NoSQL databases tend to use memory over disk as the first-class write location: Redis and Memcached are in-memory only, and even systems like Cassandra use memtables for writes with asynchronous flushing to disk, preventing inconsistent I/O performance from creating write speed bottlenecks. And since NoSQL datastores typically emphasize horizontal scalability via partitioning, this puts them in an excellent position to take advantage of the elastic provisioning capability of cloud. NoSQL and cloud are a natural fit.
Database-as-a-Service is the Future
Infrastructure-as-a-service like Amazon EC2 and Rackspace Cloud are what most of us think of as “cloud.” One of the effects of these large public clouds is that apps now have extremely low latency between themselves and other apps or service providers – 1ms or less compared to 50ms+ on the open internet. This latency difference opens up vast new possibilities for what a 3rd party service provider can offer.
Database-as-as-service is one of the coming decade’s most promising business models. Already services like MongoHQ (MongoDB), Cloudant (CouchDB), and Amazon RDS (MySQL) are offering fully hosted and managed databases to apps running in EC2. Like IaaS, DaaS promises remove up-front capex costs, and bring efficiency of scale and specialization in the admin and operation of databases. Although these services are still very young, the potential benefit of being able to outsource all the headaches of running and scaling your app’s database are enormous.
DaaS also goes hand-in-glove with polyglot persistence. Thanks to database services, you won’t need to learn how to sysadmin/DBA for every datastore you use – you can instead outsource that job to a service provider specializing in each database. One of the reasons databases have historically had a tribal affiliation (someone is a “MySQL guy” or a “Postgres gal” or an “Oracle guy,” but rarely two or all three) is because of the time investment in learning how to admin whatever database you use. DaaS removes that barrier and opens up even greater possibility for polyglot persistence in production use.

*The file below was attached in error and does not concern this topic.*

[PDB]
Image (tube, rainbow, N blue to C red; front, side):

Heroku’s Commitment to Database Innovation
Heroku already supports two of the most popular NoSQL databases, MongoDB and CouchDB, as add-ons: MongoHQ and Cloudant. We also support the transient key-value datastore, Memcache, via Northscale’s service.
Looking forward to the future: we have more NoSQL add-ons coming down the pipeline, such as Redis To Go. And we’ll be continuing to work with technology leaders in the NoSQL community to help them bring their database services to market. Our goal is to provide access to the cornucopia of breakthrough new database technologies from the NoSQL world, available from the Heroku add-ons catalog at the click of a button. We hope to make Heroku a great place to play with these new technologies, while still curating a list of options that are fully baked and ready for use in real production applications.
Of course, we can’t forget that Heroku currently runs the largest and most mature SQL-database-as-a-service in the world: our PostgreSQL service, packaged with every Heroku app. We’re continuing to expand and improve this service (including support for great new features in Postgres 9), because we know SQL and the apps that depend on it are here to stay. Reinforcing our commitment to polyglot persistence, we’ll be turning our Postgres service into a separately packaged add-on – still installed by default into each app, but possible to opt out, or combine with other datastore add-ons. We also hope to see other providers in the SQL-as-a-service space besides Heroku’s Postgres service and Amazon RDS.
It’s an exciting time for data, and our team here at Heroku is thrilled to take part in the continuing growth of the NoSQL movement.